Marielena Hincapié is the Executive Director of the National Immigration Law Center. The question she seeks to answer is: What does it take for immigrants to feel and be seen as Angelenos, Californians and Americans? She wants to change the current narrative about immigrants as “others” or “criminals” to one that sees them as people seeking full, healthy, and dignified lives for themselves and their families.
The Challenge: The political climate we are living in has resulted in a major setback in the overall narrative and public discourse about the role of immigrants in this country resulting in policies that are reshaping who is considered “worthy” of being part of our society. Over the last years, we have witnessed some of the most cruel and inhumane policies resulting in Central American children being ripped apart from their parents’ arms upon their arrival at the border and long-time Los Angeles residents afraid of being detained and deported to immigrant leaders living in legal limbo as a result of the termination of their legal status such as DACA and TPS to Angelenos being afraid to seek the health, nutrition or housing assistance for fear that they will be barred from becoming a permanent resident. While much of the anti-immigrant narrative at the federal level is about undocumented immigrants the fact is that the policy changes are aimed at radically reshaping our legal immigration system, slowing down the demographic shifts and disenfranchising future voters of color, and redefining what it means to be an American.
The Hunch: The current narrative results in immigrants not feeling welcomed and feeling that they don’t belong in their new adopted home, even in a progressive city like Los Angeles. My hunch was that if we develop a narrative that is grounded in a racial and economic justice vision for an inclusive and equitable society and that centers immigrants as people who have the same dreams and want the same things (e.g., to live a life with dignity; lead healthy lives in which they can thrive and fulfill their full potential; have freedom and equality, etc.) as everyone else does, we could change hearts and minds that create the political conditions for transformative change in society.
The Proposal: As an immigrant justice advocate who has focused primarily on litigation, policy, and strategic communications as the key strategies to achieve social change, I wanted to start by learning about how narrative is created and shaped, understand the neurological and psychological research on how people’s attitudes and behaviors change, etc. I set out to learn from other social movements (e.g., LGBT and marriage equality, death penalty, etc.) and private sector campaigns that have had successes or failures that would be good to learn from. Because the immigration debate in this country is not only about immigrants but about how we define who is worthy of being an American, it is central to our identity as a nation, I first focused on revisiting the founding of this country and the racialized violence against Native Americans and enslaved Africans.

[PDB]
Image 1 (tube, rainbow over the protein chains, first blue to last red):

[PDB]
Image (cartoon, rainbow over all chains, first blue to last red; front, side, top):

The Stanton Journey: One of the greatest learnings I had during my fellowship was the importance of “diffuse learning” and creating spaciousness in order to let our creative juices flow. This resulted in using my Stanton funds to co-lead the Immigrant Movement Visioning Process – a cohort of 50 immigrant justice leaders who co-developed a vision for the next 20-25 years that is not constrained by today’s political realities, which can now inform the development of a shared narrative. Although the Durfee Foundation highly recommends international travel – and I did benefit from short trips to the former Berlin wall serving as a reminder of what is possible as well as the India-Pakistan border resulting in the painful Partition – my journey surprisingly took me to Hawai’i. As the most diverse state which has never had a white dominant culture, we have a lot to learn from Native Hawaiian leaders, their culture and language, as well as the complex drivers of migration and narrative challenges related to the migrants from Micronesia and the Marshall Islands who are demonized and dehumanized similar to migrants on the continental U.S.
Where I am Now: I am at the beginning of a new journey: one which includes an appreciation for a new way of learning and working, and reconnecting to poetry and the importance of integrating art and culture into our work. Most importantly, we at the National Immigration Law Center have now included narrative and culture change as a new lever of change which we are leveraging along with our legal and policy expertise and movement building. I am excited about this path I am now on and look forward to helping shape the narrative for a more inclusive and equitable society in which we can all belong.